“I’m looking it up for you know. What’s it called again?” asked Britney.
“Green Land?” she echoed back, then laughed. “I never heard of it before. I gotta look it up. Where is it?”
“In North America. Above Canada—it’s at the top of the world, that big, white island. The white stuff is ice,” Now my voice had fallen to preschool teacher levels.
“Found it. No, you’re not covered. Any data used will cost you fifteen dollars per megabyte.”
“Fifteen bucks? That’s kind of ridiculous—I mean, who comes up with that number?”
“I don’t know sir, but might I suggest you put your phone in airplane mode and then find a good wifi hotspot?”
“Yeah, but then I’m just using my phone as a wifi device. I might as well be using a tablet or my laptop.”
“I’m sorry, Sir. We just don’t have a deal with that country—Green Land.”
“Well, you should say that then. T-Mobile should say, ‘Worldwide coverage EXCEPT Greenland’—or, ‘All North America is free, excluding the largest island in North America.’”
Britney did not offer to pass on my suggestions to the marketing department, and I accepted the fact that I would not have roaming data for my time spent above the Arctic Circle. There are worse problems.
“Well Britney, can you do me a favor?” I asked. “Get a world map out and find Greenland. I will feel better if you know where it is.”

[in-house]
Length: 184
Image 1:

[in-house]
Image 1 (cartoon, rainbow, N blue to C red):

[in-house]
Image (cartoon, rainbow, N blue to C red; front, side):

“Oh, it’s beautiful. I’m looking at pictures on the internet right now.”
“I’m looking at it in real life,” I replied. “Greenland is beautiful—it’s snowing here right now. I hope you get to see it someday.”
There was a long pause—the silence of deeper thought and a few thousand miles between us. Then we said goodbye.
All travel is a gift, and this gift has led me back to Greenland—I took the long way, rubbing shoulders for a moment with dozens of my fellow humans, all of us dispersed into new moments that change with the moving sun—like rolling billiards on a green felt Earth, crashing into one another with a hollow clunk and spinning off at some new angle to another place in the world.
My new place is Greenland, where I shall live until I start rolling to somewhere else. It's really not so cold here, as long as you're bundled up well and have a solid supply of toe warmers, which I do. Enough to share with the good people of Greenland, where winter is still a long way from over.